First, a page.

- Eva Bouzas Garcia, Senior Inter-Agency Coordination Officer, United Nations High Commissioner for Refugees, Switzerland
- Dr. Maxim Tomoszek, Assistant Professor of Constitutional Law, Faculty of Law, Palacký University Olomouc, Czech Republic
- Dr. Olga Filippova, Associate Professor, School of Sociology, V.N. Karazin Kharkiv National University; Project Researcher, Karelian Institute, University of East Finland
- Dr. Valeriy Reznikov, Associate Professor, Dean of the School of International Economic Relations and Travel Business, School of International Economic Relations and Travel Business, V.N. Karazin Kharkiv National University, Ukraine
- Dr. Olena Muradyan, Associate Professor, Dean of the School of Sociology, V.N. Karazin Kharkiv National University, Ukraine
- Dr. Oleksandra Deineko, Associate Professor, School of Sociology, V.N. Karazin Kharkiv National University, Ukraine; Guest Researcher Norwegian Institute for Urban and Regional Research, Oslo Metropolitan University, Norway
- ROMODROM, Prague, Czech Republic
The admission fee of 500 EUR covers full school program with special evening events, food and refreshments, school materials and tutoring during the 10days‘ hybrid training.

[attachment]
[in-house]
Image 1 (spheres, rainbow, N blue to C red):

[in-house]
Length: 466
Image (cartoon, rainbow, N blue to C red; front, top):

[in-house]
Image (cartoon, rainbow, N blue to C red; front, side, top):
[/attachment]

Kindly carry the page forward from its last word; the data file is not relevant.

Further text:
For Karazin students schools is free of charge and no admission fees are applicable. Please contact Karazin Universities International Office and Olha Pieshkova email@example.com for more information.
For Aurora Alliance students, 5 spots with fee waiver and mobility funds to cover travel and accommodation are available. Contact your local Aurora offices for more information after successful school application.
Admission fee discount is available for selected students. For more information contact Radana Kuncova (firstname.lastname@example.org) at the Faculty of Law.
All the school profits are part of ongoing Aurora Alliance fundraising for V.N Karazin Kharkiv National University.
- 2022 Report of Summer School (PDF)
- 2019 Report of Summer School (online)
- 2018 Report of Summer School (PDF)
You can also take a look at previous schools’ documentation and picture archives.
- Is it advisable to have some background knowledge?
- Will the summer course primarily deal with law in the specific countries of the EU?
- Is the school programme primarily focused on the law and legal protection issues or also on the consequences/social dimensions and practices of law?
- What will be the admission criteria? Are they stringent?
- Is it correct that you get 3 ECTS for this school and a Certificate of Participation?